There is a lot of good content in Soul Hackers to move through, as well. Uniformly, dungeons are well designed and interesting; they serve the flow of the story and are fit to the scenarios and to the world. Unlike most Wizardry-style dungeon crawlers, it's almost a disservice to call them "dungeons." They are more like places, office buildings, art museums, virtual reality towns, and so on.
In a game like Etrian Odyssey, dungeons are the sole purpose of the game. The thin threads of the story tie them together - barely - but it's really about exploring dungeons. Soul Hackers is something else, much like Persona 4. Here, the story is paramount, and the maps traversed exist to keep players interested in the story.
This is where Soul Hackers succeeds best. It deserves recognition for gameplay, level, interface, and story design that all interweave into a coherent, effective, enjoyable whole. No one part is out of place with the others. They all are designed with the others in mind, and it shows. The effect is enough to help the player overcome the technical limitations of the game and to keep playing.
Gameplay doesn't slack, either. The battle and RPG systems have a satisfying amount of depth and complexity. At first, they can be almost overwhelming. There are so many factors in even minor systems that one may have a difficult time sorting it all out. Thankfully, the early game goes easy, parceling out information on game mechanics a little at a time as the player stumbles through their first battles.
That's the best way to handle it, honestly. A little at a time, learning about recruiting demons, about talking to them and why they respond to certain dialogue options, then party alignment and which demons can be recruited and summoned based on that, on to loyalty and how demon personalities and the actions they take in combat affect their loyalty, then fusion of demons and rare demons and… well, it's a lot to learn.
Still, after the initial learning curve, it's the complexity that lends uniqueness to Soul Hacker's take on the classic Wizardry formula. Add in the usual Shin Megami Tensei spell system, with Bufu and Mazio and so on, and there is a fun, challenging game - one set in a well-designed world that flows efficiently with the story. Technical and quality issues aside, there is a good game here - one worth playing through.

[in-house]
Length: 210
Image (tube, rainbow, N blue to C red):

Deep, complex, challenging. Some level grinding, as is normal in this sub-genre. While overwhelmingly complex - even obtuse, at times - it is rarely poorly designed. Everything is fit to its purpose and makes sense once learned, and once learned satisfying to play. Unique mechanics help Soul Hackers stand out from other dungeon crawlers. Options allow customising the experience to the needs of the player.
Archaic by modern standards. In comparison to modern dungeon crawlers, games such as Etrian Odyssey and Unchained Blades, Soul Hackers is no beauty. It does have areas it excels in, especially the overworld design, some character sprites, and some portraits. Technical quality issues, such as video compression artifacting, detract significantly from the overall presentation.
Good music, not so good gameplay sound effects. Bland combat sound effects do little to enhance the central gameplay of the title, wherein the player will spend much of their time.
Many hours of gameplay for your dollar. How much enjoyment one can find will greatly depend on how much they enjoy the presentation and the overall game design.
Soul Hackers is not a bad game, by any means. Shin Megami Tensei fans are going to find a lot here to enjoy. Dungeon crawler fanatics may enjoy themselves, as well. However, those unused to the genre or the series may find it an intimidating, difficult experience, and a dated one at that. Anyone who persists in exploring beneath its less than pristine surface and steep learning curve will find an enjoyable experience, though.